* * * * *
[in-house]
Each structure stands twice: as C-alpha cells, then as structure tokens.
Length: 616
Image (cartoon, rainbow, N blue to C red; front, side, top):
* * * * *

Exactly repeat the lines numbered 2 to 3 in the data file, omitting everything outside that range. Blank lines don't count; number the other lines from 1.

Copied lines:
Each structure stands twice: as C-alpha cells, then as structure tokens.
Length: 616